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    "If you've been injured through no fault of your own you could be entitled to compensation. If you're unsure if you could claim, I recommend you call Accident Advice Helpline."

    Esther Rantzen

    Five scenarios in which you can claim compensation

    Five scenarios in which you can claim compensation

    Over the course of today and tomorrow, we’ll look at some situations in which it may not be that obvious that compensation could be claimed.

    Injury on holiday

    If you are injured whilst on a package holiday that was booked through a UK company, then you are eligible to claim compensation using the UK’s legal system, as opposed to trying to fight legal battles in the country in which your accident occurred. You can even claim if you are hurt while travelling to your destination. The term ‘package holiday’ is open to scrutiny, but generally if you book two or more elements of the holiday (flights/accommodation/activities) at the same time then you will probably qualify.

    Injured by accommodation in disrepair

    If you are not a homeowner, then wherever you live is the responsibility of a landlord, whether that is a person, a company or a council. They are legally obliged to provide you with a safe living environment. If they don’t, and you are injured due to a defect with the property itself or a device, fixture or fitting within, you could make a compensation claim.

    Injury on public transport

    The driver of any public service vehicle i.e. a bus, taxi or train has a duty of care towards their passengers. If you become injured thanks to a machinery defect or the negligence of a driver or even another passenger (in rare cases) then you should be able to make a compensation claim from the operator of the service.
    Remember, however, that you can only claim if you are not at fault. So, for example, if you are travelling on a bus on which you are obliged to wear a seatbelt, and you’re hurt in a crash because you weren’t strapped into your seat, any potential award could be reduced.

    Injured due to defective product

    Even when a product’s warranty has long since expired, the manufacturer has a responsibility for their product. A product may eventually break down or stop working effectively as it ages, but it should never become dangerous. No matter how large or how small the product in question may be – a boat or a hairdryer, a television or an electric toothbrush – if it injures you then you can make a claim from the manufacturer. This rule does not apply if the fault was introduced by a third party tampering with the product, or if the fault is due to someone damaging it so that it could not reasonably be expected to work as it did before.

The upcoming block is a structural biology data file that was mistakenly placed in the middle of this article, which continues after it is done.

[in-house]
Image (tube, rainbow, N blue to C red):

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    Injured by an untraced driver

    In the event of a normal car crash, if a person is injured they make a claim from the insurance company of the driver whose negligence caused the accident. But if a driver is uninsured or, even worse, if they drive off and cannot be traced, it is still possible for a victim to make a claim.
    The Motor Insurers’ Bureau is a government body that was set up to compensate people who are injured in this way but are otherwise unable to make the claim they may need to.

    Date Published: October 6, 2010

    Author: David Brown

    Accident Advice Helpline (or AAH) is a trading style of Slater Gordon Solutions Legal Limited. Slater Gordon Solutions Legal Limited is a company registered in England and Wales with registration number 07931918, VAT 142 8192 16, registered office Dempster Building, Atlantic Way, Brunswick Business Park, Liverpool, L3 4UU and is an approved Alternative Business Structure authorised and regulated by the Solicitors Regulation Authority. Authorised and regulated by the Financial Conduct Authority.

    Disclaimer: This website contains content contributed by third parties, therefore any opinions, comments or other information expressed on this site that do not relate to the business of AAHDL or its associated companies should be understood as neither being held or endorsed by this business.

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